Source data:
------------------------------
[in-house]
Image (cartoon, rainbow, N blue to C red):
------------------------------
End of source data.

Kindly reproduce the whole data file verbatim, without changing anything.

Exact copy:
[in-house]
Image (cartoon, rainbow, N blue to C red):